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[Research] A proven link between accident rates and companies' economic performance

The aim of occupational risk prevention is to prevent work-related accidents and illnesses. An INRS study analysed data from 1.9 million French companies over a 15-year period. The findings are that a higher frequency of workplace accidents is associated with a drop in the company's economic performance. Explanations of Bertrand Delecroix, co-author of this study.

Why investigate the potential link between a company's economic performance and its commitment to accident prevention ?

Over the last twenty years or so, various approaches to evaluating prevention policies in relation to economic data have been studied.  I could mention work on analysing the cost of accidents and the associated disruption factors: social costs, but also administrative, equipment or production costs. Other approaches seek to measure a 'return on investment' in prevention and use cost-benefit analysis as an argument to encourage companies to undertake occupational risk prevention.


The work carried out in this INRS study does not belong in these categories, but adopts an econometric methodology. The aim was to investigate the statistical link between companies' economic performance indicators and their frequency of accidents at work. The aim of this work was to respond to the concerns of all those involved in occupational health and safety (“Assurance maladie - Risques professionnels”, prevention and occupational health services, etc.) who wanted additional arguments to encourage companies to take more preventive measures.


The aim of this study was to carry out a large-scale statistical evaluation, across all sectors of activity, in order to provide scientific proof of the existence and importance of the link between companies' accident rates and their economic performance. The ultimate aim was to answer the question: "Can it be said that the more resources a company devotes to occupational risk prevention, the better its economic performance?”

A large-scale statistical evaluation... Can you tell us more about the scope of your study ?

The strength of this work lies in the large panel of companies surveyed and the time period covered, both of which are fairly unprecedented. Based on INSEE and CNAM databases, the data used concerned 1.977 million French companies covered by the general scheme, belonging to 83 professional branches, and monitored over all or part of the period from 2003 to 2017, i.e. 15 years. In all, more than 14 million records were analysed.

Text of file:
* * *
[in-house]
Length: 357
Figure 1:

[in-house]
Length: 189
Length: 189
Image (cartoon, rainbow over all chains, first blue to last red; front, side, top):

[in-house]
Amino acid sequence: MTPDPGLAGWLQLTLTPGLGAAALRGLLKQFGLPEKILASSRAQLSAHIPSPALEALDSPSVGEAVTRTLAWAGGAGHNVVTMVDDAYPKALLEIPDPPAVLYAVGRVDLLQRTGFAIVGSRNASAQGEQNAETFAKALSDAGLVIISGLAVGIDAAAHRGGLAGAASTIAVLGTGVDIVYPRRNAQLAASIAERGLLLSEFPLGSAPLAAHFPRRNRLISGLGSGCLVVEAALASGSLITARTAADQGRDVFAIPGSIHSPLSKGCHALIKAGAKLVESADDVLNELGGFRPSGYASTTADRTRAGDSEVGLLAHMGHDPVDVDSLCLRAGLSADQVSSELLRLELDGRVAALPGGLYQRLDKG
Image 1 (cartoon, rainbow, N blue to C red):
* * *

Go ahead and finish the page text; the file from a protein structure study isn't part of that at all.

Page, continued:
The model used by the INRS team related, for each company, economic performance indicators (productivity, profit) to production factors (capital, labour). The scientific contribution of this study is to have incorporated accident frequency and severity variables into the model.

What do you learn from analysing this data ? 

The main finding is that there is a significant negative correlation between the number of accidents and a company's economic performance. A 10% increase in the frequency of accidents at work reduces a company's productivity by 0.12% and its profit by 0.11% over the same year. And this effect is still very much present the following year.


A second lesson is that the significance of this effect is highly dependent on the size of the company. For companies with fewer than 20 employees, this 10% increase in the frequency of work-related accidents leads to a 0.38% reduction in productivity and a 0.24% reduction in profit. Whatever the size of the company, a work-related accident disrupts production and thus reduces productivity. This effect is particularly significant for small businesses, which have more constraints in terms of staff and equipment to deal quickly with the disruption caused by a work-related accident. Additional tests carried out on companies with more than 150 employees (which may have greater resources to invest in prevention) show that their profits are even affected over two to three years.


For the first time, these results provide scientific validation of the existence and importance of the link between claims experience and a company's economic performance. "The lower the claims rate, the higher the company's economic performance".
Over and above the employer's legal obligation to protect the health and safety of workers, this study provides an argument in favour of implementing occupational risk prevention measures in companies.


Tools for action

INRS offers companies covered by the general social security system a wide range of tools to help them prevent occupational hazards, such as :


Last update on 13/10/2023